Rosemary’s early childhood was spent at Clonmoylan, a grand farmhouse, after the family moved from Drominagh House. Her father announced they were moving to New South Wales when she was seven years old. He left first for a position as farm manager, but ‘Managerial skills were not a necessity. Survival skills certainly were’. Rosemary and the remainder of her family arrived later in the same year. Early memories of the enchantment of Sydney Harbour, and having to scrounge for pots and pans at their lodgings are still engraved in Rosemary’s mind. The migration process, the ups and downs, the joy of outdoor life for the children are all brought to life. Despite the shock of the new, the “Irish Bush Family at Reidsdale” in New South Wales seems to have settled well in the close-knit Irish community and church, both an important support for the family.
A move to Canberra, squire to proof reader, squire’s wife to a cleaner, meant life was not easy. Rosemary met Rob, her future husband, a Duntroon graduate, who became a first lieutenant, and at 19 was posted to New Guinea. A helicopter crash is dismissed in a few lines, yet little incidents like these could provide greater insight into the trials and tribulations of being a soldier’s wife, while raising kids, finding fulfilling activities and socialising with other wives as they move from post to post. That life is pursued with utmost positivity and there is little detail of the inevitable emotional and mental turmoil of the separation. Rosemary is made of tougher stuff.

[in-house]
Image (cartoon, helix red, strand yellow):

Her description of their life in Sepik and Wewak in Indonesia is charming; its history and the beauty. Similarly, there are moments of humour, the trap set for mice when they overran the Riverina area around Wagga Wagga, after returning from overseas, a suspected snake bite on someone’s bottom. Eventually, her parents return to Ireland, ‘this is my own, my native land’ – Goldsmith is quoted. Later, Rosemary went back to Ireland to touch base with her roots, ‘Ireland is a story, between you and your heart’.
Rosemary’s fortitude continues, raising her young girls, getting into farming and real estate sales while Rob, still soldiers on. It is only on page 300 that Rob retires from the army to become an expert apple juicer. They build a successful business and Rosemary still finds time to sell real estate.
They have a love of sailing and move to Hobart to be near their children’s boarding school where another successful business in real estate evolves. After sailing the southern seas, they eventually float around the shores of southern Europe.
This diary-like memoir would benefit from being thoroughly edited to produce a more streamlined edition with much-needed reflections. It appears their health allowed them a hectic and satisfying life – their parents lived well into their nineties. Rosemary says of her children – they were pretty adventuresome and aptly like the orchardists they were – the apple doesn’t fall far from the tree.
Hugh Vaughan was born in Northern Ireland and currently lives in Melbourne, lecturing in Information Systems. He has written two books: A Bump on the Road and Cillefoyle Park, both creative memoirs, focusing on growing up during The Troubles in the North West of Ireland.